Conference: Château de Maisons-Laffitte as a masterpiece of architecture of the French 17th century

Date/Time
Date(s) - 16/07/2014
6:00 pm - 7:30 pm

Location
oxford book store

Categories


Conference about Château de Maisons-Laffitte

300px-Château_de_Maisons-Laffitte_001Béatrice Vivien de Saint-Ours, who works in Château de Maisons-Laffitte as cultural coordinator, is about to finish a thesis about Château de Maisons to Maisons-Laffitte during the 17th century. She will speak about her research and more precisely about Château de Maisons as a master piece of architecture during the French 17th century.

The Château de Maisons (now Château de Maisons-Laffitte), designed by François Mansart from 1630 to 1651, is a prime example of French baroque architecture and a reference point in the history of French architecture. The château is located in Maisons-Laffitte, a northwestern suburb of Paris, in the department of Yvelines, Île-de-France.

The Château de Maisons was built between the Seine and the forest of Saint-Germain-en-Laye, with its garden front oriented to the southeast. Originally it comprised the garden, a small park of 33 hectares and a large outer park of 300 hectares. The visitor arrived by one of two avenues that crossed in a T intersection before the gate to the cour d’honneur The principal central axis led to the forest, the cross axis through the village to the southwest and to the river, thence on to Paris. Three gateways stood at the far ends of the avenues.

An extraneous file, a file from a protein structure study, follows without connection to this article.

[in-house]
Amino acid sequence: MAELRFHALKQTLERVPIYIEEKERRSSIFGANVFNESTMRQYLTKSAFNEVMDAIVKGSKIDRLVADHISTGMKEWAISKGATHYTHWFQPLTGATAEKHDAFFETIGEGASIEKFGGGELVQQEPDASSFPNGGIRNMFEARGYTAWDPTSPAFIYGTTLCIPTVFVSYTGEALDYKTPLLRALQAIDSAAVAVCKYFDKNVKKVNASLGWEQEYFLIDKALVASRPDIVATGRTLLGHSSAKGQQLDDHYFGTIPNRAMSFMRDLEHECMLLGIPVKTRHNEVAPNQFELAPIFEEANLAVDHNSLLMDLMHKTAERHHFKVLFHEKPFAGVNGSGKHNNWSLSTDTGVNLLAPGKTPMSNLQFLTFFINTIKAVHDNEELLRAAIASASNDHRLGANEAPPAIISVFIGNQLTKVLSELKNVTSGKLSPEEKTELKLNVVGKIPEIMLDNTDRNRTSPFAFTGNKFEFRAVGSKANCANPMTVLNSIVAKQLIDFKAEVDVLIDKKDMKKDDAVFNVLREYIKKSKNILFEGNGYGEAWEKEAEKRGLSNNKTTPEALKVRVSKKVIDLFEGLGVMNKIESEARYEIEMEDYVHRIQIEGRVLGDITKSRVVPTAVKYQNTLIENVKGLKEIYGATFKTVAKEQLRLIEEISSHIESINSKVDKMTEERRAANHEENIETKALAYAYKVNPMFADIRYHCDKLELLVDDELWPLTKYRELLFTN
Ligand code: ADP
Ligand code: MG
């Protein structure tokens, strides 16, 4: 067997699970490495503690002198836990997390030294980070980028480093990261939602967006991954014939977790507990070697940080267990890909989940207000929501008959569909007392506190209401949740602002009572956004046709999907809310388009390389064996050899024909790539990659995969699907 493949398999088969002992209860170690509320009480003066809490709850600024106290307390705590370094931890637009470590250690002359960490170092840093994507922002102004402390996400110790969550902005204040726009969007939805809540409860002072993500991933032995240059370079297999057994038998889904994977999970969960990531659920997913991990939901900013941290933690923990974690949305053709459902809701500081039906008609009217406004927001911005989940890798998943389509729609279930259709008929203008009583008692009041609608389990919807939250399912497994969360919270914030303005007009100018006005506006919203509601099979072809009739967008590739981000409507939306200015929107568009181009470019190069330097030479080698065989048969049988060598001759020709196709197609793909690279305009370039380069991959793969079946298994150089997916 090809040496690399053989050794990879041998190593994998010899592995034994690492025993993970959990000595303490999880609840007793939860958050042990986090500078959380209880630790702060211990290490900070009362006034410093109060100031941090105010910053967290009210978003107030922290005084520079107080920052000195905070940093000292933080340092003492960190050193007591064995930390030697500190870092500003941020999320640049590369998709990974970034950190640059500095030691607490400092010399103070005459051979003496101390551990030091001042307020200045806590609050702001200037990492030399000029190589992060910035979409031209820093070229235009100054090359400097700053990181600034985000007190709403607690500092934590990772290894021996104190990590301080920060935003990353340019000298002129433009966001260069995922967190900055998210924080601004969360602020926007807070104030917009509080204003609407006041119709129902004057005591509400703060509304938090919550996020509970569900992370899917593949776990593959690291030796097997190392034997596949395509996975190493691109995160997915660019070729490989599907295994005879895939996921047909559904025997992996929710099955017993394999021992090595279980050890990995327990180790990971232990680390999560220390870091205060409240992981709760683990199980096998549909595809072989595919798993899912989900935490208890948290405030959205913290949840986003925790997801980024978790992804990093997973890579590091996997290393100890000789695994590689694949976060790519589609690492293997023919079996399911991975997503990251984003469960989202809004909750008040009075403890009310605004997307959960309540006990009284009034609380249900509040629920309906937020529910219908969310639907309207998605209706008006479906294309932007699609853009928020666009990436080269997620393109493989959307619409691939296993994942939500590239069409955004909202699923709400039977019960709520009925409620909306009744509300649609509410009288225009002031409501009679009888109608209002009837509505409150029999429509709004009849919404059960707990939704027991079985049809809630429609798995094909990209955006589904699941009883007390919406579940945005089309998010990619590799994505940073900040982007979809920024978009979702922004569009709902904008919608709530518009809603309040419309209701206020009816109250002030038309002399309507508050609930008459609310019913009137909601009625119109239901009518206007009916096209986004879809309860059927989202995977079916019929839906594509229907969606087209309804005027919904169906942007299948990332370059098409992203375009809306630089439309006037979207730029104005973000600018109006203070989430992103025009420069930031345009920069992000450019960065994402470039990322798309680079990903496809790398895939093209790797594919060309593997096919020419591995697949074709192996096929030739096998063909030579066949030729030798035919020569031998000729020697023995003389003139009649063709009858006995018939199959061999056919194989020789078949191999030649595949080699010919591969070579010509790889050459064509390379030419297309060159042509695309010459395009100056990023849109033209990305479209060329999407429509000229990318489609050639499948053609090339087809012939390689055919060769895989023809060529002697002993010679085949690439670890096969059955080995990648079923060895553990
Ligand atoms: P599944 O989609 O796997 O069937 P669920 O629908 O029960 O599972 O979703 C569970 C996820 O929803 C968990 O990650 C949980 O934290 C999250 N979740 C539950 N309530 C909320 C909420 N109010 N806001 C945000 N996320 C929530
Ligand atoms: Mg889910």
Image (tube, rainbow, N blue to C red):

On one side and the other of the avant-cour, Mansart constructed the stables, masterworks of architecture whose monumental character gave a preview of those that would be built at Versailles and Chantilly. Of these works there exists only a grotto, that served also to water the horses.

The château itself stood on a rectangular platform outlined in the French manner with a dry moat. The cour d’honneur was defined by terraces. The central block extends symmetrically into short wings, composed of several sections, each with its own roofline, with raked roofs and tall chimney stacks, in several ranges, with a broken façade reminiscent of the planning in work of Pierre Lescot and Philibert Delorme in the preceding century. The single pile construction typical of its epoch carries three storeys, a basement supporting a ground floor and piano nobile with three attic floors above.

The conference will be translated from French to English. It will be held on 16th July 2014 at Oxford Bookstore. The event is open to all and free.